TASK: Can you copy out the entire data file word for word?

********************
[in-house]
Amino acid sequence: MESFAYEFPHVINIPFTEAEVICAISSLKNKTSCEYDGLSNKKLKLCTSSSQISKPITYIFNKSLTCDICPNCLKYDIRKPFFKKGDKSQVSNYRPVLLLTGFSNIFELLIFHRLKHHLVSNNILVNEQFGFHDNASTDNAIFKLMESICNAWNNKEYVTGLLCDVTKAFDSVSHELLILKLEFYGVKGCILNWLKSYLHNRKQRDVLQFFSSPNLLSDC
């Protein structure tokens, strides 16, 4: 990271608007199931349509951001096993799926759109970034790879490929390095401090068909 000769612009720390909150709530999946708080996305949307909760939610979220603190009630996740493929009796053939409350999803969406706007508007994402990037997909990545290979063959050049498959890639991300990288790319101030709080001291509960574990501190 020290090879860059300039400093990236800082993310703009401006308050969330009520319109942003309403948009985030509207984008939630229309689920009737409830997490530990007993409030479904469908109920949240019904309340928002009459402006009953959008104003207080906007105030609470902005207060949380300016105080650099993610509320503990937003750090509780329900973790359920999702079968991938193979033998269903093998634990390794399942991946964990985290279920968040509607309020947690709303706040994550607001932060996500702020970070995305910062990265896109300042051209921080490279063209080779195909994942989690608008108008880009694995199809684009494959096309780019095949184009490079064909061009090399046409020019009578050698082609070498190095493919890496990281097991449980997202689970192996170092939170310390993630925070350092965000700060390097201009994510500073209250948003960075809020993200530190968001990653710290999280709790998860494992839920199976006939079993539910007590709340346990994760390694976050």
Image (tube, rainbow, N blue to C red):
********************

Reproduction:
[in-house]
Amino acid sequence: MESFAYEFPHVINIPFTEAEVICAISSLKNKTSCEYDGLSNKKLKLCTSSSQISKPITYIFNKSLTCDICPNCLKYDIRKPFFKKGDKSQVSNYRPVLLLTGFSNIFELLIFHRLKHHLVSNNILVNEQFGFHDNASTDNAIFKLMESICNAWNNKEYVTGLLCDVTKAFDSVSHELLILKLEFYGVKGCILNWLKSYLHNRKQRDVLQFFSSPNLLSDC
């Protein structure tokens, strides 16, 4: 990271608007199931349509951001096993799926759109970034790879490929390095401090068909 000769612009720390909150709530999946708080996305949307909760939610979220603190009630996740493929009796053939409350999803969406706007508007994402990037997909990545290979063959050049498959890639991300990288790319101030709080001291509960574990501190 020290090879860059300039400093990236800082993310703009401006308050969330009520319109942003309403948009985030509207984008939630229309689920009737409830997490530990007993409030479904469908109920949240019904309340928002009459402006009953959008104003207080906007105030609470902005207060949380300016105080650099993610509320503990937003750090509780329900973790359920999702079968991938193979033998269903093998634990390794399942991946964990985290279920968040509607309020947690709303706040994550607001932060996500702020970070995305910062990265896109300042051209921080490279063209080779195909994942989690608008108008880009694995199809684009494959096309780019095949184009490079064909061009090399046409020019009578050698082609070498190095493919890496990281097991449980997202689970192996170092939170310390993630925070350092965000700060390097201009994510500073209250948003960075809020993200530190968001990653710290999280709790998860494992839920199976006939079993539910007590709340346990994760390694976050």
Image (tube, rainbow, N blue to C red):